From: Horse Worming
Horse worms are a common parasite and a constant issue for the equine animal.
Understanding their names, what they look look, what their lifecycle is (which includes how they mulitply and spread), and what can be done to rid your horse of them, is an important part of equestrian care. Since all horses will have one type or another all the time, it is clear that their effect can be negligible. However significant infestion by some of these parasites can lead to permanent damage and/or possible death.
Horse Worm Types
There are several types of worm which can infect a horse, mainly living in the gastrointestinal tract (stomach, small and large intestines), and in the blood system. There are also bots which are not worms but actually flies.
We shall look at them briefly in a rough order of commonality, and importance, and also provide more thorough information on each type. We shall try to also be as comprehensive as possible in our coverage of these equestrian problem causers!
Horse Worms (Nematodes)
Nematodes are a phyla of organism mainly differntiated as a worm by having a complete digestive system, being round and unsegmented. They move by wriggling from side to side and rely on external pressures to move their food along their digestive tracts.
These nematodes live as adults in the large intestines of horses, and cause further damage via larvae which can enter the bloodstream.
More about Large Strongyles
These are namatodes and although not as big as the large strongyles are just as problematic.
More about Small Strongyles
These cestodes live in the intestines and can cause serious colic and intestinal disorders such as Intussusception and ileal impaction.
More about Tapeworm
These parasites are also known as Ascarids and require careful treatment as they can cause colic and respiratory dissorders.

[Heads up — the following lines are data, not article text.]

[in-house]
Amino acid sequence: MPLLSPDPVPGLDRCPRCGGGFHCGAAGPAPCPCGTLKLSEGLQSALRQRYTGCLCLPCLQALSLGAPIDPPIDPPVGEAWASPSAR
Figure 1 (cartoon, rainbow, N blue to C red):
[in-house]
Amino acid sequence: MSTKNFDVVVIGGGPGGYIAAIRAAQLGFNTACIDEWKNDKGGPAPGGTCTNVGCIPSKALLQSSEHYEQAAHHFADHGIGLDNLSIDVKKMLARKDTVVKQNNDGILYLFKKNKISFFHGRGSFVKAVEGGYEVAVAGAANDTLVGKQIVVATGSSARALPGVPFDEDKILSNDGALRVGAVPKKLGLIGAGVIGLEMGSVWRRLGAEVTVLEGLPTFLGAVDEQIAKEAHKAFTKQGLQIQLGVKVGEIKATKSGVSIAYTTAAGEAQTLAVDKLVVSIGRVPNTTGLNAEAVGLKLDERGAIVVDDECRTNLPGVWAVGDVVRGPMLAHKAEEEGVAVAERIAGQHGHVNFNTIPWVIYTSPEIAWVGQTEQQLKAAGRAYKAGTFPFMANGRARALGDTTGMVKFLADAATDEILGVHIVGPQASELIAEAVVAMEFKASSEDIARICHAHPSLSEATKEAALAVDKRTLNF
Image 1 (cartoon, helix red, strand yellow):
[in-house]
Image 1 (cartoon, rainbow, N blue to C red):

More About Ascarids Or Roundworms
The bot fly lays its eggs on the horses coat and when the horse injests them they can cause the mouth to become inflamed as well as stomach ulcers and abdominal discomfort.
More about Bots
These are a particular risk to foals for can become infected as early as 4 days after birth and cause the foal serious discomfort.
More about Intestinal Threadworms
Neck Threadworms are also known as Onchocerca and can cause serious uveitis as well as sores, swelling and discomfort on the horses neck and underbelly, they are particularily troublesome when the dead affect the lens of the horses eye and if left untreated can cause blindness.
More About Neck Threadworms
These parasites are a great irritation to horses and can cause severe itching of the tail and rump area, if left untreated the sores often become infected.
More about Pinworms
Hairworms are a particular threat to foals as they attack the villi on the stomach lining and decreases the foals ability to digest food and can cause internal bleeding. This can leave foals very dehydrated, anaemic and in poor condition.
More about Hairworms
Foals are more at risk than older horses who often develop resistance to these parasites. They often cause respiratory dissorders such as parasitic bronchitis.
More about Lungworms
Stomach worms can cause summer sores if they infect an open wound and conjunctivitis.
More About Stomach Worms